HTTP/1.1 307 Temporary Redirect
Via: 1.0 middlebox
Location: https://c.betly[.]me/[REDACTED]
Connection: close

The body of the destination website included two iframes, ID “if1” which contained apparently benign bait content (in this case a link to an APK file not containing spyware) and ID “if2” which was an invisible iframe containing a Predator infection link hosted on sec-flare[.]com.

Spyware Injection Localized to Egypt

We conducted a test to understand where in the network the injection happened. Ultimately, we were able to localize the injection to a link between Telecom Egypt and Vodafone Egypt. We cannot conclude from technical data alone whether the middlebox sits on the Telecom Egypt side or the Vodafone Egypt side of the link. However, we suspect that it is within Vodafone Egypt’s network, because precisely targeting injection at an individual Vodafone subscriber would require integration with Vodafone’s subscriber database.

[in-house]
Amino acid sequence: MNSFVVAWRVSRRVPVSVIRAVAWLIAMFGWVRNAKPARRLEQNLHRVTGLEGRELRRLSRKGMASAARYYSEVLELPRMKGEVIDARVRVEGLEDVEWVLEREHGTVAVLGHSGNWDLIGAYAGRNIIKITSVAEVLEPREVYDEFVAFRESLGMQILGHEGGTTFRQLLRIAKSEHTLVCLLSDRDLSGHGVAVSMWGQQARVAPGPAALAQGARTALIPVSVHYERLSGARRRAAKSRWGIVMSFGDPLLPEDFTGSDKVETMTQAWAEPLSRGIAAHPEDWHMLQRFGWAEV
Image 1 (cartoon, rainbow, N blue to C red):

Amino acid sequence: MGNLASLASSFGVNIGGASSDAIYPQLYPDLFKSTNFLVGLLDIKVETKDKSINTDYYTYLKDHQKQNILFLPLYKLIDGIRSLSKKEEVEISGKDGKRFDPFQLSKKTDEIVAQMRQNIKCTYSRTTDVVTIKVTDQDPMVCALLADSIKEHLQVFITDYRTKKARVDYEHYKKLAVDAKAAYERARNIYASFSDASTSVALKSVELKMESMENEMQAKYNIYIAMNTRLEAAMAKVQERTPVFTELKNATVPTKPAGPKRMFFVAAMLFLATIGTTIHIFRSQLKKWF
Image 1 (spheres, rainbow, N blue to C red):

Also, given that the injection is operating inside Egypt, the spyware is sold to government agencies, and Egypt is a known Predator customer, it is highly unlikely that this targeting occurred and that this setup was established outside of the purview of Egyptian authorities.

Figure 1: Network diagram showing the Spyware Injection Middlebox located on a link between Telecom Egypt and Vodafone Egypt.
Figure 1: Network diagram showing the Spyware Injection Middlebox located on a link between Telecom Egypt and Vodafone Egypt.

Process of Localizing the Spyware Injection

Typically, localizing the injection would involve sending packets from the targeted device (the “client”) with increasing IP “Time To Live” (TTL) values. Since each router that handles a packet subtracts one from the IP TTL value, packets expire when TTL reaches zero, and routers typically identify their IP addresses to the packet’s sender if they handle a sender’s expired packet, we could locate the routers on either side of the injector. The routers on either side of the injector would be: (1) the router which reports an expired packet containing the highest TTL value for which the injector does not respond, and (2) the router which reports an expired packet containing the lowest TTL value for which the injector does respond. We could then identify which network the IP addresses belong to by looking them up in an IP WHOIS database.